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UV imaging tracks birth of stars outside galaxies in hi-res detail

With UVIT, star-forming features outside galaxies are better resolved which is critical in studying ongoing star formations at small scales
Last Updated : 05 May 2023, 05:13 IST

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In a new study that could enable closer, deeper probes into the formation of stars outside the galaxies due to galactic interactions, an international team of astronomers has presented high-resolution ultraviolet imaging observations of an interacting galaxy system.

The team comprising astronomers from India, Australia, Canada, Germany, and France made the observations on star-forming regions around the interacting galaxy system NGC 5291, using data from the Ultraviolet Imaging Telescope (UVIT) on board AstroSat, Isro’s multi-wavelength space astronomy observatory.

Members of the team – Rakhi R, Koshy George, and Smitha Subramanian – told DH that the project was aimed at studying knots (gas and dust clumps where stars are formed) and the rate at which stars are being formed in these knots, at the best possible resolution. The paper has been accepted for publication in the June issue of the Monthly Notices of the Royal Astronomical Society.

NGC 5291 is an interacting galaxy system in the western outskirts of the cluster Abell 3574 and comprises a companion galaxy, The Seashell. Rakhi, an Assistant Professor of Physics at the NSS College in Pandalam, Kerala, led the study. She said the team investigated the rate of star formation in the main system and within the ring of neutral hydrogen (HI) formed after the collision of NGC 5291 with The Seashell.

The study on the ongoing star formation in Tidal Dwarf Galaxies (TDGs) in the interacting system led to the identification of 57 star-forming knots including 12 new detections. TDGs take shape in the tidal arms of debris from the collisions or mergers of galaxies. Hierarchical clustering involves the merging of dwarfs to form big galaxies while these TDGs are newer galaxies that are formed from gas thrown out of big galaxies after they collide or merge.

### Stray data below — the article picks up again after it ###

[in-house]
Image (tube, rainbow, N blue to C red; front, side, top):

Koshy George is a researcher at the Faculty of Physics, Ludwig Maximilian University, Munich, and Smitha Subramanian is an Assistant Professor in Extragalactic Astronomy at the Indian Institute of Astrophysics (IIA), Bengaluru.

In higher resolution

The team used UV imaging in the study because young, recently formed stars emit large amounts of UV radiation, making the star formation appear significantly brighter in these images. The results presented in this study improve on previous observations of the system that were made through GALEX (Galaxy Evolution Explorer, NASA’s orbiting space telescope). With UVIT, the star-forming features outside the galaxies are better resolved which is critical in studying the ongoing star formations at small scales.

UVIT is a unique instrument with a wide field of view and an angular resolution of 1.2 arcseconds. An arcsecond is an angular measurement equalling 1/3600 of a degree. AstroSat was launched in September 2015. UVIT, developed by IIA, is one of its five payloads with two telescopes covering the Far UV and Near UV bands.

PhD and MSc students were also involved in the project which commenced in July 2022. The team said the study was also about training the next generation of astronomers using a world-class facility with data at the finest resolution.

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Published 04 May 2023, 17:50 IST

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